It has been three weeks since George Karl gave Phil Jackson a breather and became the most hated man in the NBA. His new memoir, “Furious George,” has had the former NBA coach in hot water because his stories seem bitter and mean-spirited to many. This has left him surprised and disappointed, because he’s not out to hurt anyone. After all, Karl still wants to coach in the NBA again, so burning bridges isn’t the best strategy for a comeback.
We’d be foolish to believe that Karl’s phone won’t ring again, with the way coaches are fired and recycled. But he will still be scrutinized for calling Carmelo Anthony a diva who put his brand above all else; using the dreaded P-word in describing his complications with coaching J.R. Smith; claiming the NBA has a huge steroid problem; fueling conspiracy theorists (*points to self*) who believe the NBA favors certain teams; and blaming Damian Lillard for Portland’s woes (not actually in the book, but still related). And that’s only based on the excerpts the media has reported on, because the book was only released on Tuesday.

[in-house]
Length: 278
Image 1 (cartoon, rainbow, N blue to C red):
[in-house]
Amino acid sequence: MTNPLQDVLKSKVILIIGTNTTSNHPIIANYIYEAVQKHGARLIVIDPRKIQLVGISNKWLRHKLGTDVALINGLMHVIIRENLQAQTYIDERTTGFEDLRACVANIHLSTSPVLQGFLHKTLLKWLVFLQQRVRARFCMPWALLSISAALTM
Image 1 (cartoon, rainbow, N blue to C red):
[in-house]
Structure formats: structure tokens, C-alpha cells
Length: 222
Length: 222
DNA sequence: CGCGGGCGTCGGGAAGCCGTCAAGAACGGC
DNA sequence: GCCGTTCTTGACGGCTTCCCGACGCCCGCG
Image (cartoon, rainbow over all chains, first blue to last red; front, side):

Just as Karl admitted in his book that constantly answering questions about Anthony in Denver wore him down, he also sounds tired of talking about the backlash to his book. Still, even he must admit that it’s at least funny, if not incredibly frustrating, that he’s being ripped for calling out diva players at a time when Derrick Rose walked away from his team after fighting with his coach. Or Rajon Rondo is openly disagreeing with his coach. Or Ricky Rubio saying that he needs to “get on the same page” as Tom Thibodeau, who isn’t always the easiest coach to play for. Or we’re patting Tyronn Lue on the back for breaking LeBron James after he ran David Blatt out of Cleveland. Or… you get the point.